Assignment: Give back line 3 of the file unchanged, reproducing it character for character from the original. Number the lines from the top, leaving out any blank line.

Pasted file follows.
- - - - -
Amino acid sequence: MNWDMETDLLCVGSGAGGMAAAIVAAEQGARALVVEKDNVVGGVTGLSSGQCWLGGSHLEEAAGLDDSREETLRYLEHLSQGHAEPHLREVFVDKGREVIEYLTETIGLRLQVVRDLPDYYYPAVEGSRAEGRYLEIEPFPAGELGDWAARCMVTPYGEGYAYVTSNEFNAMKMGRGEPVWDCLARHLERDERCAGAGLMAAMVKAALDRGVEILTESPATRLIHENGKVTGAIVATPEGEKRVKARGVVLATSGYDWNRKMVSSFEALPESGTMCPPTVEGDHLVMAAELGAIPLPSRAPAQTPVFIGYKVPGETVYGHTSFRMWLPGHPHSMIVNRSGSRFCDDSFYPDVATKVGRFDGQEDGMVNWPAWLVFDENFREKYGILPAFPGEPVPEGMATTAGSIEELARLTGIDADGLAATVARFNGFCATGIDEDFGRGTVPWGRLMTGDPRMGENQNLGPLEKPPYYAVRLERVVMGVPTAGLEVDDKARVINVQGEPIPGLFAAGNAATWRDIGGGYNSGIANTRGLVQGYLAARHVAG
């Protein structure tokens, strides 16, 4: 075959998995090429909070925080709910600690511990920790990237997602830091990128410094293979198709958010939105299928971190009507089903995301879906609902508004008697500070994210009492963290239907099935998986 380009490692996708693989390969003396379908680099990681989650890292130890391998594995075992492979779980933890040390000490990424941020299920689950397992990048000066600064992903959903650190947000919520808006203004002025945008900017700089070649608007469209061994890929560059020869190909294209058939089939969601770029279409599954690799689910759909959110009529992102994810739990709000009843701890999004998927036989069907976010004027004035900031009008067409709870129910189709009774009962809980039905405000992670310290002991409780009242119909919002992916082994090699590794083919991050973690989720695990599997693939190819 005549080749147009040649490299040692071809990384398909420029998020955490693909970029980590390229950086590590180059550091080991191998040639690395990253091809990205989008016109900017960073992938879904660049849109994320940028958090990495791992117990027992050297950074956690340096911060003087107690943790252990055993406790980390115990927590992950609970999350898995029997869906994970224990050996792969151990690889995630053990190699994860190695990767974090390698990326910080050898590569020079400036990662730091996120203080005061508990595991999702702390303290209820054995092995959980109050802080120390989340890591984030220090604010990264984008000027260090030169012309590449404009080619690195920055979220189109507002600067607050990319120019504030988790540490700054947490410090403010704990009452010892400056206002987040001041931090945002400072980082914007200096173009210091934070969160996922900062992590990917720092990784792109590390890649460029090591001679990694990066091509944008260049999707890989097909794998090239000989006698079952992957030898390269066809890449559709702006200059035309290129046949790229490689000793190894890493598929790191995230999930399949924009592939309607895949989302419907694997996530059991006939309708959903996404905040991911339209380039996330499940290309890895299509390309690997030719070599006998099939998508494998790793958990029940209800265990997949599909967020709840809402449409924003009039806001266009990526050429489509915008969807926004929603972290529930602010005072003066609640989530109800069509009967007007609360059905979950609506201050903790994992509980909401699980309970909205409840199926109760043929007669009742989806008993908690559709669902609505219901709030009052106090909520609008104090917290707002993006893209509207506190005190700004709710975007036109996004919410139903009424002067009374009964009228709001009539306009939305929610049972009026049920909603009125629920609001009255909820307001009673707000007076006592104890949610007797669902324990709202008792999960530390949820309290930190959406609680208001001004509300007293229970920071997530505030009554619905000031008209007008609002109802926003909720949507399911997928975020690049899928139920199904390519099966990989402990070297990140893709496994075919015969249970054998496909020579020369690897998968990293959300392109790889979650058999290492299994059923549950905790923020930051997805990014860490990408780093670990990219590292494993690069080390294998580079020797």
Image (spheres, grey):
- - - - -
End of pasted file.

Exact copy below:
Image (spheres, grey):